Life Here

December 30, 2021 By Dick Feaster & Dick Lubman

Onward to the North

The journey north through Oregon and Washington began with this first post and continued with a second installment. Here is the third dispatch of their adventure.

Arriving in Cannon Beach, Oregon, we wanted to keep up our record of not missing a meal and headed to restaurants in our area. We decided on one that was definitely dog (pet) friendly. It was fun watching the dog owners show off their lovingly cared for dogs.

Our next point of interest was Fort Clatsop, of Lewis and Clark fame. It was an extremely interesting stop, and we both recommend it to you if you are in the area. As we all remember (don’t we?), Lewis and Clark started their journey on May 14, 1804, and reached their final destination on November 14, 1805. They moved into the new Fort on Christmas Day of 1805 which was named for a nation of Indians residing nearby.

As we drove into Washington state, we kept our record of “being misdirected.” It was not our fault this time when we were going south when we believed we were going north. Even our faithful GPS “person” is not right all of the time. This was just after we passed the Dismal Nitch. (Lewis and Clark’s last campsite before reaching the Pacific Ocean.)

Our stop for the night was at the Lake Quinault Lodge, where Dick Feaster and his family had spent a few days before his departure in 1969 for his combat mission of 193 flights in the F-4 aircraft in Vietnam. This was a nostalgia stop for Dick F. which he was sharing with his three daughters via email. Those of us that have been deployed in harm’s way can relate to memories this evoked. Prior to the trip, Dick F. had contacted a niece living on Whidbey Island and asked if we could get together with her family while we were on this trip. Unfortunately, she said, they would not be home because she would be celebrating Father’s Day. That evening we were in the lounge of the lodge when a loud voice said, “Uncle Dick!” It was the niece and the rest of her family who were celebrating Father’s Day at the very same lodge. It had been several years since Dick had seen them. What a fortunate coincidence!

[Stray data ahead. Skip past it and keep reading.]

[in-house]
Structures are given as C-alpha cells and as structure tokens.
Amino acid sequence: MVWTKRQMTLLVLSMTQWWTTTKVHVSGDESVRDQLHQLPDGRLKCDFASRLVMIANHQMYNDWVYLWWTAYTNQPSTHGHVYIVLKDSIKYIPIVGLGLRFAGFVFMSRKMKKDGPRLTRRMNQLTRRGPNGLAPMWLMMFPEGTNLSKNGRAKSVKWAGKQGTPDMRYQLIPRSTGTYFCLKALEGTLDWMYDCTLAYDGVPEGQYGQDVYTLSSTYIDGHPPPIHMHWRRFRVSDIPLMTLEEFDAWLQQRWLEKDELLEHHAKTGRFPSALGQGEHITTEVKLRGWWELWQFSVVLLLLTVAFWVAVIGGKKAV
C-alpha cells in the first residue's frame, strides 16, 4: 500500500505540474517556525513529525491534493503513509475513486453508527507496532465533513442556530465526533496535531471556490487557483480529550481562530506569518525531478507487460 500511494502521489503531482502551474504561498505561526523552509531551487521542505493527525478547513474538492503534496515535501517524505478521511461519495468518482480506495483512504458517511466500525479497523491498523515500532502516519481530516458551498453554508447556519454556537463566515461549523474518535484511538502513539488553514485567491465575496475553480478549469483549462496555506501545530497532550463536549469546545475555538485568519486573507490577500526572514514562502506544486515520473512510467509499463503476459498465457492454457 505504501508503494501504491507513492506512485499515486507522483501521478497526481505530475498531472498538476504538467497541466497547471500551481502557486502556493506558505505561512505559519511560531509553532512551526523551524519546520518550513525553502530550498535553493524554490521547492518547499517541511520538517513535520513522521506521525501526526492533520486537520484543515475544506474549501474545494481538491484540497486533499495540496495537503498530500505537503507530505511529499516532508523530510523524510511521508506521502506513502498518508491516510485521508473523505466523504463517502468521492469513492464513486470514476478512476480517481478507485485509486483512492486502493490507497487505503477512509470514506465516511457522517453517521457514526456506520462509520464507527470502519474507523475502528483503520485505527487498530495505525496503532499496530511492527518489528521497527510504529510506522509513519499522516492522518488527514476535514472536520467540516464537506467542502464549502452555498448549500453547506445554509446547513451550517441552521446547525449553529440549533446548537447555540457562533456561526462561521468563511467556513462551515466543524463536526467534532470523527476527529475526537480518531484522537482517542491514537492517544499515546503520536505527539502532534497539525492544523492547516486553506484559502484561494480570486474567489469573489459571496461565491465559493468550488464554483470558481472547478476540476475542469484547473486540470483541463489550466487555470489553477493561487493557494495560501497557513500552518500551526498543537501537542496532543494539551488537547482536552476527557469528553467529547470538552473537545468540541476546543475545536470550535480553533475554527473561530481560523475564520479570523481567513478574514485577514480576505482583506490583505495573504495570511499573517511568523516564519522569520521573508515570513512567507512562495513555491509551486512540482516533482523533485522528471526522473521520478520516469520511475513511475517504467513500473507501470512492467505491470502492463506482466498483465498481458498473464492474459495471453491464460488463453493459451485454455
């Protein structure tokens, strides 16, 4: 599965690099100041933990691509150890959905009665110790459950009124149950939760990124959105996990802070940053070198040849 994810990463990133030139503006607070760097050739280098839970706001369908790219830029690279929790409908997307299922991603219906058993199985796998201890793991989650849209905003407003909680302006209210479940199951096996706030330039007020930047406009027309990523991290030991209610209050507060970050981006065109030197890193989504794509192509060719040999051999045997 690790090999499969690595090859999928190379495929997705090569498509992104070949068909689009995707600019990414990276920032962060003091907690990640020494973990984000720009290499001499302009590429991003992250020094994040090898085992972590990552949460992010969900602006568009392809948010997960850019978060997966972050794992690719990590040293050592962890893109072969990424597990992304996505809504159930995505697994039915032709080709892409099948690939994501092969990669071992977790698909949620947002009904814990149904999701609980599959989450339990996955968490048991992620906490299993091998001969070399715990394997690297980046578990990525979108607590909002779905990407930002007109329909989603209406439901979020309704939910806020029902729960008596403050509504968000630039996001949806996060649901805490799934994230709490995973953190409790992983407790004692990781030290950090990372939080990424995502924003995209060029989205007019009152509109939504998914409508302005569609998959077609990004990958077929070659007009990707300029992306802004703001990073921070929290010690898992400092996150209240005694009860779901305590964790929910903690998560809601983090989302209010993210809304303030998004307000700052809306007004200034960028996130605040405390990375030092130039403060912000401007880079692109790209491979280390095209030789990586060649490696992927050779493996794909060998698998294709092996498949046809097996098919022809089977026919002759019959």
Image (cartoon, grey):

The next morning, we were off to the Hoh Rain Forest in Olympic National Park. “The Hoh Rain Forest is located in the stretch of the Pacific Northwest rainforest which once spanned the Pacific coast from southeastern Alaska to the central coast of California.” On the way into the park, we saw only one place to stop and get something to eat; and would you believe it, we saw Dick F.’s family a second time.

That evening we arrived in Port Townsend to catch the ferry to Whidbey Island the next day. We had a delightful room with a view of Puget Sound. “Up and at ‘em” early the next morning for the next leg of our trip to Seattle, lunch with Shelly Levinson (a former resident of PVE), and — Dick F.’s fabulous niece and her husband in the Tacoma area.


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